Hope Star from Hope, Arkansas on October 30, 1937 · Page 4
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Hope Star from Hope, Arkansas · Page 4

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Saturday, October 30, 1937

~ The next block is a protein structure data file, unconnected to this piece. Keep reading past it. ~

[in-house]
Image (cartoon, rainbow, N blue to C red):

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fl'OS FOUR HOPE STAB, HOPK* ARKANSAS Saturday, October Hope S Star cf Hop« 1839: PWSS, 1927. OoHaohdattd^ Janaafy 18. 1S29. ^ 0 Jvstice t Deliver Thy Herald From False Report! every week-day afternoon by Stat Publishing Co., Inc. <& t. Palme* tt Ales. H. Washburn), at The Star building, 212-214 South WifiMut street, Hope, Arkansas. C. E. PAtMER, President ALEX, H. WASHBtmN, Editor and Publisher (AP) —Means Associated Press (NEA)—Means Newspaper Enterprise Ass'n. Sabscrlption Mate (Always Payable in Advance): By city carrier, per We*k ISc; per month 65c; one year $6.50. By mail, in Hempstead, Nevada, HcWmfd, Miller and LaFayette counties, $3.50 per year; elsewhere $6.50. Member of The Associated Press: The Associated Press is exclusively entitled to the use for republication of all news dispatches credited to it or dot otherwise credited in this paper and also the local news published herein. Charges on Tributes, Etc.: Charges will be made for all tributes, cards at thanks, resolutions, or memorials, concerning the departed. Commercial newspapers bold to this policy in the news columns to protect their readers Voffi a deluge of space-taking memorials. The Star disclaims responsibility for the safe-keeping or return of any unsolicited manuscripts. Team Work Is Needed to Move a Heavy Load OVERTURES toward peace between the Committee for In \J dustrial Organization and the American Federation of Labor, however embryonic and ineffectual, arouse hope that America's prolonged labor conflict soon may be terminated. As a pawn between two bitterly opposing 1 forces, each striving for dominance, the workingman has been the real loser in the year-long conflict. With a bright era of industrial prosperity near, firm establishment of business upon a definite road to recovery has been impeded, if not blocked, by a turbulent labor situation. •* * * A TEAM will never accomplish much if energy is wasted pulling against each other. Achievement is possible only •when forces co-ordinate, in harmonious and united effort. If a wagon bogs down in sand, two horses may lunge against their collars until exhausecl, churning up a great flurry of dust without ever moving the load. But two lighter, better trained and disciplined animals can move the wagon with comparative ease, if they pull together. * * * TF THEIR avowed principles be fact, both the C. I. 0. and 1 the A. F- of L. are striving for the same goal, the improvement of laboring conditions and a just distribution of industrial profits. But in place of united action toward fulfillment of that aim, the past year has seen factional battles, fraught with violence, for the right to control. Taking no sides in the controversy, the average individual can easily see the gigantic waste of effort that might have been put to better use. That there are convincing arguments for organization along the lines laid down by the C. I. 0. is undoubtedly true. And equally admissible are the contentions of the A. F. of L. that the course of action it has pursued in organization is sound. But there is no truth, no basis in fact or reason that one faction, and one alone should be supreme, dominant in every instance. If labor would reach the goals it has set for itself I it will be necessary for the leaders of these two great organizations to sit down, in amiable conference, each granting concessions, each agreeing on "spheres of influence" and control. Only in this way can American labor achieve greatness. Balancing the Books N OT'long ago there were wild rumors of a slaughter of Italians at Makal in Ethiopia. It would now appear that they were not true, or at least that they were exaggerated- Yet even the rumor appears to have had some foundation, for Rome now officially announces that 102 Italian troops including 44 officers were killed in September by native attacks in the highlands of Ethiopia. Official figures now give the Italian dead in Ethioma as some 4000 soldiers and add more than 1400 laborers. Strong groups of "bandits," the official reports state, were "literally desroyed," We know all about those "bandits" in the United States, having fought them in the Philippines and in Nicaragua with unhappy results. When, if ever, the expected raw materials and metals start moving from Ethiopia to Italy, there will be a little item on the debit side of the ledger: 5400 Italian boys dead. How much cotton and gold and fruit will it take to make the ledger balance? That, one presumes, Mussolini himself will decide. vices which made this school a marked recess. Sunday school assembles as usual by departments at 9:45. Well-trained and consecrated teachers will present the lessons in the various classes. At the 10:55 service the pastor will bring a message on "Every Man." The Training Union meets at 6:30. Attendance is expected to run far above one hundred. The 7:30 service will open with a season of great congregational sing- in e. The pastor will preach. Visitors are always welcome in our 1 lulu 6Y MARY RAYMOND Copyright, 1937, NEA S«(Vi<«, li OP cti.in.u-TRns JIM, tVlOjrrwoilTII. attractive drbntnntp. AI.AX .IKFF'RV. hero, rhlttff jraunir nrtl*t. H.VHttV WBNTWOIlTIt, Jin's • <i'!>I>ro(hpr, .1 A «: K WE.VrWOUTII, Jill'* brother. SYLVIA St'TTO.V. »11 ti«lr«s* * * * ngr from At» dnth (he xeorot of hi* $:i(MH» naif, Alan lirrnk* wtdi Jill, Icnvlagr her hrnrt.ilck, lonely. CHAPTER X TILL hadn't been herself since * the day the angry young man had come to her home, Mrs. Wentworth decided. But what was one angry young man with a city full of young men all ready to be agreeable? She thought it might be a very good time to mention Mile's devotion, and discovered she was wrong. "She's looking a wreck, for some reason," Mrs. Wentworth told Barry one day. "She'll end up by being an old maid." "I guess she has a right to be one, if she wants to," Barry retorted. "When — " Mrs. Wentworth ventured, realizing she was on forbidden ground, "when is Sylvia planning to announce her engagement?" "Ask Sylvia," Barry said, knotting his tie viciously. "I thought you said there was an understanding?" Mrs. Wtfnt- Worth persisted. , "If you insist on knowing, the understanding seems to be going haywire. I suspect your big, blond stepson, Jack, is the reason. Really I don't much care — there are a dozen girls who are better company. And I know of one who makes Sylvia look like a piece of very pale cheese?" "Who?" "Oh, skip if. Don't worry, I'll probably bring you Sylvia Sutton on a silver platter served with all her pedigree and social prestige." * * * "MRS. WENTWORTH felt better. - •*- Evidently, Barry was still planning to marry Sylvia. But who was this other girl? If her plans didn't carry through for Barry's brilliant .marriage, it would be a terrible disappointment. Then, there was the problem of Jill. It didn't matter whether Jill married brilliantly or not, just so she married. Jill passed her stepmother with Bome letters in her hand. Jill, thought Mrs. Wentworth, always manages to be at home around mail time. She thought Jill looked •xcited. Jill was. One of the letters in her hand was in a clear-cut masculine writing that was new. Even before she opened it, she knew it was from Alan. She tore open the envelope. A check fluttered from the folded page. Alan had written: "I hope coupe. Got in and turned on the ignition. As the occupants of the big ear waved, Sylvia's Kind went you will forgive me. I realize now up gaily. A moment later the Wentworth cat was lost around « curve of the drive. Then, very calmly, Sylvia switched off the ignition and got out.' "Anything wrong, Miss Sylvia?" queried the gardener, coming to* ward her. "No, Andrew, 1 was just thinking I would like to see your garden. Could you show ma ibout?" * * * "GLADLY, Miss Sylvia. There's not much to see at this time of year. The chrysanthemums are line. And there are some pretty hings in the conservatory. Some tropical plants I'd like to show you." you meant to be kind. But It was impossible for me to accept. However, there seems no way to escape obligation. Moving was evidently the right idea. I've sold several pictures which made it possible to send n check, closing the transaction. Sincerely, Alan." Closing the transaction! He might just as well have said: Ending everything. He had asked forgiveness for hurting her, but he had not forgiven her. 'Which, was the greatest hurt of all. Mechanically, she opened another letter. It was from Ellen Beckwith inviting her for a visit. For a long while Jill sat very still, holding the letters in her hand. One of them shutting the door to romance. The. other opening the door to a temporary escape from life here at home—which had become in a moment a barren oasis. She would accept Ellen's invitation. There was nothing to wait for now. * * » CYLVIA SUTTON had come over ^ to say goodby to Jill. Jill knew that her stepmother expected Sylvia to announce her engagement to Barry soon. But she was far from certain about it, herself. There was none of the happy excitement about Sylvia that marked girls engaged to the men they l»ved. She was sure Sylvia was unhappy. Jack was not himself etther. The two facts added up and made a complete conclusion. Watching Jill assembling her wardrobe efficiently, Sylvia said: "You're simply wonderful Jill, I could never pack a trunk—or do anything, really." "I think I'd make a swell poor man's wife," Jill said slowly, carefully placing a sky-blue evening gown hanger. on a padded silk Something, Sylvia tlljught, has happened to Jill. She isn't the same. Jill was the grandest girl she knew. She'd hate for things to go wrong for her. They went down stairs, and found Mrs. Wentworth waiting. Impulsively, Sylvia put her arms about Jill and kissed her warmly. Jill looked so woebegone and lonely. As,> though she didn't want to go and as though she didn't want to stay. "Won't you go to the station with us, Sylvia?" Mrs. Wentworth asked eagerly. "Thank you, 20," Sylvia replied. "I must huTry home." She started walkfcig toward her It was while they were in the conservatory that Sylvia heard the car on the drive. It was too ;oon for Mrs. Wentworth to be back. If she wore very lucky— Whose car is that?" she inquired, trying to make her voice •wind casual. "Mr. Jack's," answered the old man, absently. "Andrew," said Sylvia, "wH you tell Mr. Jack someone wante to see him here." "Certainly, miss." Jack came striding conservatory, stopping Political Announcements Thf Slnr to niUhitflfced to wake the following candidate ntinnunce- tnenfs subject to the action of the Democratic city prlntitry election Tuesday. November 30: , For Cll.v Attorney STEVE CARR1GAN Star Dust By LEONARD ELLIS into tisj* abruptly His face Mahomet," began been calling you when ho saw Sylvia, went white. "If the mountain won't come to Sylvia. "I've worse names than a mountain. I've been calling you ..." 'How could I come?" Jack's voice was low, tense and unhappy. You couldn't unless you cared as much as I do," Sylvia replied simply. And then, suddenly, she was in his arms. 'It's no use, darling," Jack said unsteadily. "I can't give you up now. Though I tried. I h;id the feeling that you hnd planned to marry Barry, and would have, if I had not come along." "I never would have <jone through with it," Sylvia said. "I realized it long ago. Even before you came back from school. But you wouldn't notice mo, wouldn't dance with me, rushed past me on the streets. This was the only way I knew." She stopped talking. For the very good reason that it was ira- possible to talk and be effectively kissed at the same time. A mocking voice reached them: "Smooth work, Jack. Everywhero I turn, I have evidence of you* superior attainments." (To Bo Continued) Gone with the wind—that two-bits I had on the Bobcats. Shouldn't wagered so much money, anyway! Like a race horse, the favorite doesn't always come in first. Sometimes it's a "lonRyhot" thai wins. Us football "experts," as wo are laughingly known, had our wires all crossed on that Hope-Camden tilt. The Panthers have n powerful football learn. And for the first time this ; oason—we are told by Canulen fans — v. ere inspired when they took Hope's measure by a count of 2S to (i. Had they played football against Pinr Bluff nnrl Little Rock like they did Ho[;e. we are told the story would have been different. But we won't aruue that case. We admit defeat. We have no alibis. ***** The Panthers plnved a "bang-up" football L'rmie against Hope. They demonstrated it before approximately 3.500 fans. Tiie line i.s big and potent. The bnll-caiTiers drive with speed and determination. They were "hot" and lust couldn't be stopped. ***** The Bobcats fought hard—but couldn't get started. In defeat. Noble Masters. Hope's right halfback, looked plenty good to u.s. After Bright was injured. Noble carried on notably. Masters has been the "dark horse" of the football (earn. He was turned loose against the Panthers and performed like a real war-horse. His passing was true and accurate, and his running was hard to stop. Look for even greater things from Masters. ***** The Camden and Hope bands, during the half, put on an exhibition second to none. Hope marched out first and was followed by Camden. Both bands deserve much credit for their performances. ***** The defeat by Camden, shouldn't discourage the Bobcats. If the team can get in physical shape by next Friday night it will be one more hard-fought game at Blythcville. As most everyone knows, this is the fourth consecutive year that the Wonder Boys have waded through Arkansas competition without a defeat. * -K * * * That's all for today. FIRST METHODIST Fred R. Harrison, Pastor "Why I Believe In the Church" is the subject of the Pastor's sermon at congregational service the morning at 10:55 a. m. The church school will meet at 10 a. m. At the evening service at 7:30 p. m. the sermon subject will be, "How Large Is Your Christ?" The Intermediates and Young People's Epworth Leagues will present a program at the BeBee Colored Methodist church at 6:30 p. m. Adults are invited to attend this service. There are just two more Sundays before the Little Rock annual conference meets in its 84th session November 10 at Hope. Every member is urged to attend both morning and evening services these two remaining days of worship. PRESBYTERIAN Rev. Thos. Brewster, Pastor CHURCH OF THE NAZARENE 511 South Elm Screet James R. Walsh, Pastor We wish to announce a special change in our services. Our regular Sunday school has been changed from 9:45 a. m. to 2:30 in the afternoon. We invite all of our friends to attend this Bible school. The regular morning worship has been changed from 11 a. rn. to 3:15, just after the Sunday school. The subject for the afternoon will be: ''Seven Modern Gods. We are sure our program will appeal to the young people as well at all others. The regular evening services have not been changed. Subject for the 7:30 p. m. service "Visions of Victory" Young people services at 6:45 p. m. The public is invited. FIRST BAPTIST William Russell Hamilton, Pastor The Sunday morning service will give ail opportunity for the expression of sentiments for which there was not sufficient time Friday night at the close of the record-breaking training school this church has held. The pastor wishes to voice his appreciation at the morning service for many ser- Eunday school 9:45. Morning service 10:55 Evening service 7:30. Midweek preayer service, Wednesday 7:30. You are invited to attend all these Vonsiatsky Plots (Continued from Page One) other White Russian, M. K.V. Rod- vaievski %vas doing the same thing chuokuo. In 1934, at a tumultuous meeting in larbin, the groups consolidated as he National Russian Revolutionary ascist party and picked Vonsiatsky as Vojd. A Different Swastika The party emblem, is the swastika. The Vojd wears it on his arm. But he ndignantly denies any link with the Hitler brand o£ Fascism. The color schemes of the tow emblems are clif- erent, he points out. He asserts his party has no anti-Semetic policy. From his Connecticut stronghold- it has a gun room and i sguarded by vicious police dogs—Vonsiatsky directs followers throughout the world. Harbin is a busy center of party activity. A department of ideology has been set up in Iran. Sometimes Vonsiatsky picks odd ways to spread his doctrines. Recently he caught a dozen mud turtles and painted his Russmn sv/astika on their shells. Then he turned them loose to carry the emblem through the peaceful woods. Britains Girls (Continued from Page One) Well-Groomed Man (Continued from Page One) formed by your collar line and coat lapels. This area, though relatively small, is most conspcuous. If it'& "dressed properly," chances are you'l present a picture of good grooming A neatly tied neckline of good material, of a color to blend or contrasi with your suit can do wonders. The Handkerchief If you have a short neck don't wear a high collar. It's possible to buy either stiff (preferred) or soft collars which conform to your peculiar neck construction. If you wear a soft collar use a collar pin, unless it has tabs or buttons down Pins should be plain. A pocket handkerchief gives a final smart touc hto a man's dress if it's smart touch to a man's dress if it's right. Wear a white handkerchief <o good linc-n) with a white shirt or white ripht. Weaer a white handkerchief (o collar. Wear a harmonious colorec square otherwise. ••*»• Canada Seek* Davis CMP QUEBEC—The Dominion of Canada •will «iter a team in the 1938 Davis Cup competition for in four years. the first time Kipling's Phrase Is Sacrificed for Peace BROADSTAIRS, Kent, Eng.-l.^i- Lincs from Kipling's "Recessional" are to be erased from a Lusitania raft on Broadstairs pier. The phrase "lest we forget" has offended foreign visitors and recently a man was fined for defacing them with paint. "If this (erasing the lines) will take us one tiny little step towards peace, Iricjndship and goodwill, we should do it," the town council state. Bievins conditions for maids. Each member would get a badge to display in her house, proving to prospective servants that the house was a good one to work in. Badged houses would offer more leisure for maids, better living conditions and greater social comfort. Domestic service, the labor minister finds, ranks at the very bottom of the girls' list of preferred jobs. They would even rather be factory workers than domestics. As a rule they earn only about $0.25 a week in the factory, compared to the $5-a-week average, plus board and room, in a household job. But factory girls have evenings, Saturday afternoon and Sundays free. As maids they would get only a half day off each week, with alternate half Sundays free. Families Closing Houses Then, too, a domestic often has to work in the country where movies arc scarce. Thousands of new industries—including the lighter work in the rearmament drive—are providing girls opportunities for jobs they didn't have in the old days. Many English families have thrown up their hands and sold or shut down the largu.okl-tashioned houses which require a huge staff of servants. Families are moving into modern flats which are springing up like mushrooms. In the smaller space of a flat Milady can do her own work, aided by modern household equipment and perhaps by a twice-a-week maid furnished by the management. Mr. and Mrs. B. W. Mayfield, Mr. and Mrs. Geo. W. Mayfield all of El Dorado were week end guests of Mr. and Mrs. J. A. Wade and family. Lea Ted ford and R. L. Bonds were business visitors in Tcxarkana Tuesday. Miss Thalia Nolen of Tcxarkana .spent Sunday with her parents, Mr. and Mrs. H. E. Nolen. Mr. and Mrs. Oscar Gayle of Prescott were week end guests of J. J. Bruce and Miss Lola Bruce. Mrs. C. A. S. Bonds returned home from Shreveport Tuesday after visiting her daughters, Mrs. William Ttn- ny and Mrs. Janes Parnell for the past ten days. Mrs. Alva Francisco and Misses Elizabeth and Frances Francisco all of Frescott were Sunday guests of Mr. and Mrs. Johnny Wade. Mrs. Harmon Griffith and son, Harold are spending this week with Mr. and Mrs. Henry C. Griffith. Mr. and Mrs. E. M. Bell and daughter Shirley, were .shopping in Hope Saturday. Mm. A. B. Hodnett and Mis.s Gwendolyn Frith, both of Hope, were Monday night guesti of Mr. and Mrs. A. H. Wade. Harry Bonds was attending to business in Hope Friday. Mr. and Mrs. T. J, Stewart. Aubrey Slewai I and Owiglit Stewart vtiited friends in Prescoll Sunday aller- noon. Mr. arid Mrs. Roy Foster and .sons were Sunday guests of relatives in Sweet Home community. Mr. and Mrs. George W. Hunt and Mrs. H. H. Huskey, all of Prascotl, were business visitors in Bievins Tuesday afternoon. Mr. and Mrs. Scott B. Moore of Anadarko, Okla., were Thursday and Friday guests of Mr. and Mrs. Johnny Wade. Sanforrl Bunds was a business visitor jn Hope Saturday. I have no complaint to make. After all, when I was born the doctor n aid I would live only three weeks. Well, here I am, but the doctor has died long ago.—Pierre Mathieu, Quimper, France, 58, who has no arms or legs yet is able to support his father and mother. The duchess has become popular with everyone except a few old cats. What's more, she has put the duke on the water wagon. — Gene Fowler, novelist and movie writer. FOOTBALL SCORES College State Teachers 13, Tuc-li n. Hendrb: 21, Henderson I). Arkansas A. and M. 13. Arkansas State 0. Ouaehita 53, East Oklahoma Teachers 0. State Rus-sc'Uville 20, El Dorado 0. Harrison IS), Conway 7. Gurdon 13. Sparkman 0. f'ayutteville 31, Bentonville 7. Subiaco 12. DC Queen (i. Clarksville. 22, Fort Smith 0. Stuttgart 25, DeWitt 0. Toxiirkana 25, Nashville 7. Lake Village 12, Rison (I. Hunlsville 12, Ozark 0. Goodland. Okla., 1!). Horatio 6. Camden Midgets 24. Standard-Umstead 7. Osccoia .(0, Wynne l:i. Magnolia 27, Crossed 0. Figgott Ti2. Portageville, Mo., 0. Paris .'ill. Sprinydale l.'i. Berryvillu 13, Gentry I). Mansfield 19, Spiro. Okla., 0. Waldron 13, Doonevillu 7. Augusta 62, Heber Springs 6. Pine Bluff 32, Hot Springs 0. Cotton Plant 7, Carlisle 0. Marianna 20, West Helena li. Helena 13. Brink ley 0. England 19, Monticollo 7. Camden 2K. Hope (i. Blyiheville 2li, Greenwood. Miss 13. Malvern 20. Bee-be U. Jonesboro -1), Forrest City 0. Walnut Ridge 32, Newport 0. Rogers 41, Alma 0. Mc.Ge.hee 51, liudora 0. Little Rock 8f>, Central High, Memphis (J. North Little Rock 25. Benton 7. Arkansas School for the Deaf 31, McCrwry 0. If Louis was fighting when I wa$ at my best, he wouldn't have hit me with a handful of lacks.--Jack Sharkey ex-world'h heavyweight boxing champion. Trusted Employe (Continued from Page One) He dropped about $2.000 of his own money, lie said, and then took S2(lfl from the firm. From then on, he said, it was one embezzlement after another in a desperate attempt to recoup and make good the shortage. RENT/ WANT-ADS Delinquent Land Sale (Continued From Page 3> NAME Parts of Lous Block « ~ H ° 13 o JJ'S > S^ 3 R. L. Savjyt.--1,2 Paid Dave McFaddin Chaiiic Phillips Hope Retail Lumber Yard Muttie Loti.'in Gertie Alford U. A. Gentry OAK LAWN Horace Fowler W. E. Thompson Mamie Black Willie Smith OAK LAWN Henry Phillips Dora Strausjhter Patsy McElvene Mrs. Annie L. Simpson PARK Mrs. A. J. Hunter Lot 6. Block 2 Lot 8, Block 2 Lot 4, Block 6 Lot 1, 2, Block 7 Lots 5, 6. Block 7 Lot 10, Block 7 Lots 1. 2, Block 10 ADDITION NO. 2 TO HOPE Lot 5, 6, Block 1 Lots 1, 2, Block 3 .. Lots 5, 0, Block 4 Lots 1, 2, Block 5 ADDITION NO. 3 TO HOPE Lot 14, Block 1 Lots 18, 19, Block 2 Lots 22, 23, Block 2 Pt. Lot 1, all 2, 3, 4, Block 3 ADDITION TO HOPE .... Lots 15, W, 17,18, Blpck 3 170 30 50 150 250 20 50 250 30 250 40 70 20 30 130 150 4.02 1.77 2.50 6.C9 10.78 1.3C 2.59 10.78 1.77 10.78 2.18 3.41 1.36 1.77 5.86 C.G9 H. White H. White J. H. White J. H. White J. H. White J. M. Enstcvlln ; Lot 7, Rlork f 50 A. J. House Lots 12, 13, 14, 15, Block 4 300 PHILLIPS ADDITION TO HOl'E J. It. White Lot. 11, Bloek A 20 J. H. White Lots 9. 10, 1.1, 12, Block C 80 Lot* s, n, io, Block n co Lots I to f), Bloek K 100 -Lots 1 to (i. Block F 100 nomsoN's ADDITION TO HOPE " Southern Grain & Produce Co.—',-'» Paid Lots 9. 10 B 3 40 HUEFIN ADDITION TO HOPE J. F. Porterfield Lot K, Block 1 550 E. I. Rophan Lot 12, Block 11 70 SENTER & ARNOLD ADDITION TO HOPE Elizabeth Tennilelon Lots '.!. 4. 5, Block '.I 10 Eiixabolh Temple-ton Lot.s 14, 15, Dlnrlc !l 10 SHOVF.il STREET SCHOOL ADDITION TO HOPE Drayton Burrell T. B. Jones Shelley Branlley David Slimrt J. M. Powers Lot !) Bine!; '! . . . . . Lot (i. Bkv'k 'l .. . ................... - ......... Lot? 3, •!. MHck "> . .. Lot 1L', lil-ir-k II SLAVACK ADDITION TO Jl',>p|.; ' . ... N Pt. SULLIVAN ADDITION TO W. B. Smith ..... Lot Vcrra Ontrv , .. . Lot. "* B t. Benton ............ . . S 1 - l/»t .-,, K. lurner .......... .. . .!/>((! Bln ( 'P .1 TELLINGTON AODU'IO.N TO HOIT Ed Mayers ..................... .. .......... i, 0 i (] m oc i, i VESTAL HWoriTS ADUITIOV' TO HOPK R. R Cornelius .......... . Lots JO. n, 12 Midland Savings .V Loan . . Lot -l' L. F. HiHRason ..... . . L.,( ;V p,],,,.); , Phillip Foster ... . . . . .. [,„( in ' H|.->rk .1 WAUJS ADDITION TO HOPE m^ r k 2 Block ?. |3|,, ( .| % . , Blo 400 F. S. Ilorton. Est. B. L. Rcltig—'-j Pel. Wallis & Penny . .. W. Wnllis ' Ed Booker George Brown Ed Jones—Ti Pel Charles Pearson Mattie V. Smith John Moss ... Su.«ie Pearson D. B. Phillips--".! Pd. - Lot 1, 2. .1. Bl(,rk 2 Lot 1. 2. Hlnek -I Lots :i. ,|, T). li. BU-k r. Lots 1. 2. Blnck Z Frances Cannon C. II. Moxley .... .T. L. 13r.idsh.-iw Grant Scott— n i L A. Foster ... Gcrfa Walker Otis Daniels J. B. Jackson Hope Hetail Lbr. Yard Wylio Turner W. E. Thompson John Jamison —% Pd. W'i, ft. Lot 7. S Pi. Lot n Pt. K'-. Pt. E 1 .. Lot 'i. ... Lot 7. Lot (I. Lot .1 '!. Lot Blork HI<ick 10 II) Cl Block 13' Block 11 Block 14 Blo;k 15 Bio,-); 17 Block. 211 Lot 1 F. W':> S'i Lot 4. Hie... _. E. E. WHITE'S ADDITION TO HOPE Lots 5. (i, Block I: Pd Lot* 3. ,| Block : WINN'S AUDITION TO HOPE .... . E n. Lot ?- YEROEKS ADDITION TO HOPE - Lot 3 Block . Lot 5. Block Lot B, Block S 1 :- No 100 ft. Lot 15, Hi. Block .. Lots 4. 5. Block ...... Lot H. Block Ixil 4, Block BLEVINS ... N Pi. Lot .'!. Block R Lot 1. Block 13 - . Lot 1. Block 1C, - - ., Lot 2. Block 11! Lot 7. Block Ni - Lot II. Block ifi - - Lot I. Bloc!: n A. W. Cobb M. T. Ward Herman Brown J. L. Atterborry Thomas Mullins Thomas Mullins J. A. Austin Homer McDougald Pt. Lot 2, Block 17 I. W. Hendrix ,.. Lot.s 1 2 Block IH SMTTS & HAYS ADDITION TO ULEVINS J, R. Thomas- . . ... 'Lots 1.3. 14 15. Block .'! J. H. Thomas . Lots 22. 23 24 Block 3 HAYS ADDITION TO BLEVINS J. M Self Lots 1. 2. Block 2 W. L. McDougald . . Lot.s 33 34 Block 'i K. L. HAYS SUBDIVISION TO HLEVINS . . . N 2 A 5''-. 1.111 K S 3 A. S 1 - Lot H Lot 20 . . L-,i :M Lot.-i 24 25 21) BLEVINS CORPORATION ... Pt. F, NE 2!) 10 '•>! ", Pt. NW NW 21 HI 24 1 CLOW N .'! Lot 22. Block -1 Lot :':;. Block i Lol.s 13. 1). ]5. Block 7 . Lots 21 to 21 li,,-. Block 7 Lot., 23, 21, Block 'J COLUMBUS Lr-t 1. Block fi Lois 7, S. R'.oek fi Lot 2. Block 7 Lots 7. K. Block !l EMMET Blocks 25. 20. 27 2-S 30 -10 FULTON Roy Smith Dalton Smith F. Y. Trimble C. C. Wur/back W. B. Smith J. A. Dunlap Roy Nivins W. M. Whilmore W. M. Whitmore Mildred Trent . J. E. Calvin Ever Gamble J. F. Johnson . J. F. Johnson . J. F. Johnson J. F. Johnson Unknown W. A. Jett Nancy Burkett Dc-lla Brooks Bi-ice Williams, E.st. Frank Carter O. D. Green S H j Lot 9, 15, Ni. 10. Marion Drmce—1« Paid Belly Mitchell Betty Mitchell N. C. Willett . W. M. Temple .. L. W. Wilson . Norman Wilson L. W. Wilson . Lucy Sloan Julia Tvlor Brice Williams. E.st. Joe Williams . R. T. Thomas R. T. Thomas S. L. Arnold S. L. Arnold H. C. Whitworth E. U. Roberts J. S. Sbuffield Lc 13. Lot 5. Block 2 Lot K I'.lo.k 2 Lois 15. Hi Bloek 2 Lots 15. IH. Block -I Lot.s 12 13. BI ck IX 11. 12. 13. 14 Block 20 Lot 10. Block 25 1 I. W'-j 15. Block 25 Lot Hi. Block 25 I/.- 7 Block 31 Lol> 3. •! Bio, ',-. 37 •>ts I, 2. 3 4. P,lo< k Block 1!. BI.., k Hi BI Lot.s 5, K. 7. 8. !l. 10 12. ].'!, .ot Lol.s 11 I SMITH'S ADDITION TO ECLTON Lot 4. Block 2 Lot.s 2. 3. 4. Block 7 S 1 - Lot S. .,]] <l. Block 7 l.-.l 11. Block S L. 13. l(i Block S Lot.- -I 5 Bl'n k !l Lot S. Block !l .. Lot 4. E 1 . V Block 10 Lot 11. Block 10 Lois 1, 2. Block E. U Robert'; ,1. H. STiuftield John Atkinson John Atkinson E. U. Roberts K. U. Roberts Ida Abncr Mary E. White . Ida Abner J. B. Shull.s J. B. SJnills Margaret Green Mr.s. Henry Cox SMITH'S ADDITION TO EC I.TON Lot -I. Block Lot;; (i. 7. Block. Lot 2. 3. 4. 5. Block Lot K. Block Loi , !) 1(1 P.I, ,-k Lol.s 14. 15 Loi 11. Lot.s 12. 13, Lot !(',. 2 :>' i, 11 Lot 1C, 1 17 IK BU:k Block IS Block IS Hlocl-: 111 Block I 10, Bled; Lot.- 7 12. Bl....-k SHULTS ADDITION TO EC (.TON W. H. Parker—'2 Paid S 1 > Block 2 T. A. Beasley . LoH 7. H. Block 3 Unknown Lot-, 111 11 Bio, k 10 SHULTS SUBDIVISION TO H'l.TMN Neely Presley Block fi Lula Sloan Bl<n-l; '.) McCASKILL Lula Wordl.-nv . .. : '.| 1 ol 1. E. J. Lewis EM. Lots 3 -1 C.ORHA.M ADDITION' TO Mc< ASKH.L J. D. Kiev Lot. 3 -I Block 2 McCASKILL CORPORATION Mallie Smith Bradley-'.' 2 Paid Pi. NE SW 35 !l 2 r > 2 McNAI! A. E. Spates ', Lot 3-12 Bio- k 3 MAXWELL'S ADDITION TO MrN.AlI Oscar Gilmore F. P. Citty Mrs. Bess Hughes Jo.sie Smith Josie Smith Lois 8, !). 10. O/AN 1 Bloc niod- amp Brice Williams. Est J B. Beckworth C B. Waddle Brice Williams, Est. E. B. Black Edgar B. Black -• Mrs. Maud Black Mr.s. Maud Black .. Lucy Samuels & L. Turner Mrs. Mauri Black •''i Lots IK I'I. I"! O71N COIU'OI!.-YT|f>\ Pt. W SW S"vV ".0 in 25 7 Pt. K PF. SK 25 HI 2d I 2 PA'!'MO! ; S PI IM ,'-'• " B'' !, li SHOVER SPRINGS Lot S. Block 3 Lot.-. K). II. Block 3 Lot 12, Block ;j WASHINGTON ... Lots 1. 2. 3. 4. 5. Block 5 Lots 1. 4. Block, 17 . . Lot.-, 2. 3. Block 17 ... . All Block IK Pi. Lls 1. 2. Block 31) Blocks 3H and 3!) Mrs. Maud Black.. Mrs. Maud Black J. H. Curric . W. W. Williams—l-b Pd.. Frank Booth State of Arkansas I. L. Pilkinton . .. .W Pt. Lot 1, Vi all 2, 3. Block 40 Block i liK aod fi!) WASHINGTON CORPORATION Pt. NE NW 27 11 25 .'{.05 .. .Pt SW NW 27 11 25 H. .Pt. SW NW 27 11 25 3. . Pt. NW NE 2S II 25 5. . Pt. NW NE 28 11 25 2.11 40 50 20 no 100 130 110 100 70 10 10 20 :w xn 100 40 10 no GO 10 20 10 25 35 20 25 107 1IKI 20 175 25 70 40 10 150 2!W 10(1 1(1 10 2(1 75 100 70 270 10 750 ;ioo mm 2(1 50 2(1 10 20 150 150 30 50 GOO 10.9 i v .99 121 230*. 230" 18 02 „'2.73 13 65i , 4.37 1.31 .93 1.31 -J 2!30 2,73 1,42 4.48 4,82 ' 6,25 2.9S 4,92 • 3.61 .99, .39 1.'42 1(86 4.05 4,92 ' 2.30 ,99 5.36 3.1T ,99 1.42 .99 1,64 2.08 1,42 1.64 5.22 4.92 1.42 8,19 3.6f 2,30' ,99 .77 ,77 7,09 13.21 6.27 .93 1* 7,104,92, .77 3,41 3-22 .90 1.07 ,93, ,74' 6.27*' 3352 • 13.65 ' 13.651.48' 2.73, : 1.& ' .9% 1.4? 3.83; IJBfi 273, 24.75- And notice is hereby given that the .several tracts, lots and parts of lots, are so much thereof as may be nece.s.vu-y to pay the Taxes, Penalty and Costs due thereon, will be sold by the County Collector at thf- Courthouse in said County on the First Momkiy in November, ISSJj unless the Taxes. Penalties and Costs bo p.-iid before that lime, and thfl'- sale will be continued from day to day until Ihe saiil Tracts, Lots and'<• Part.- of Lots be sold. ..,, NOTE: Said Tracts, Lots and Parts of Lots will bo sold to thgg highest bidder, and less than the whole of any tract, lot or part lot be purchasad, it will be surveyed in a square or legal subdivisio^ commencing in the Nprth East Corner of said tract, lot or part of lot. RAY E. MCDOWELL. County Clerk ot Hempsteucl County, Arkansas.